|"On the Road"|
- age-old question: The Lama's situation reminds me of a theme from the Agent Pendergast novel (Lincoln/Child) I just finished reading. Sometimes ignorance truly is bliss, inasmuch as the truth--or the process of gaining it--is so potentially painful. Is the Lama better off in the dark regarding, or ignorant of, the "real world" (he wonders whether Kim is a spirit or an evil imp) or to see it, experience it, and gain wisdom? Is Kim better off as he is (he is, after all, an exceedingly happy and optimistic individual), or were he more like the Lama? More broadly, I think about my children: is it better to protect them from the world that perhaps they may be happier for the lack of darkness thereof, or better off experiencing/observing as much of it as possible?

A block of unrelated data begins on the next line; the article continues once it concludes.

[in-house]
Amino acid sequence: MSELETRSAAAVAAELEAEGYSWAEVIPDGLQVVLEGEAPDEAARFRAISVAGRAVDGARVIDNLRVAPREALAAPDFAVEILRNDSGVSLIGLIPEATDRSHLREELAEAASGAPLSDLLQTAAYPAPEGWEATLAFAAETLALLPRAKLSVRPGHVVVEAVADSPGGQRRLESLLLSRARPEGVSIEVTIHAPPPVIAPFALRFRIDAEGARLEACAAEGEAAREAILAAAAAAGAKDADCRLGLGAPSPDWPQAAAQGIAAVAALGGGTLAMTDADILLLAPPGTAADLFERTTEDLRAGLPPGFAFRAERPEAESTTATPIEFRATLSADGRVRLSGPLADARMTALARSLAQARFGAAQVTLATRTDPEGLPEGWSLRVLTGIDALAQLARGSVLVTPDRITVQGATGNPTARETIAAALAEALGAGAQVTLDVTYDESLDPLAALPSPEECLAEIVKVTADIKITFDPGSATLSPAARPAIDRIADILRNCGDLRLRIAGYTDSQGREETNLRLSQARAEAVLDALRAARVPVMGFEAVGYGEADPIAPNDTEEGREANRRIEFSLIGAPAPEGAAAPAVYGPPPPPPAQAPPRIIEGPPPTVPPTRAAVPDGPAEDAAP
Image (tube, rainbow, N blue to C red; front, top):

- Along the same lines, Kim, particularly considering his so-terrene nickname, is worldly, while the Lama seeks apparently to avoid worldliness. The word (and its derivations), "worldly," is pretty plastic in its application. In its most obvious, Kim is in "the seventh heaven of happiness" as he passes along the Old Trunk Road, watching the world pass by below him, while the Lama keeps, essentially, his eyes and mind closed to all but his own meditations. Any thoughts here?
- The long descriptive paragraphs in the first few pages of this chapter are gorgeous--not necessarily in their prose, but in their subject and the details of which Kipling chooses to accent: a riot of color, life, creatures--animal and humans alike (and how appropriately so!) --sin and piety, caste and race. What is your impression of life around the Old Trunk Road?
- (Is it just me, or is there a taste of Dickens about this book: the orphan, the bustling city...?)
- I'm interested in the tonal arc of this chapter and how the ambient activity and light/dark reflect in the mood of the day's inhabitants.